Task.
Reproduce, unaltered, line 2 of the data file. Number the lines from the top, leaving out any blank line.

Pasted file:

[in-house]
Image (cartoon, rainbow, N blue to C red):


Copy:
Image (cartoon, rainbow, N blue to C red):